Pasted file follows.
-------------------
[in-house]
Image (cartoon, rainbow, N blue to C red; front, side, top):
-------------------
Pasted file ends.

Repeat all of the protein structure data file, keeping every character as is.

[in-house]
Image (cartoon, rainbow, N blue to C red; front, side, top):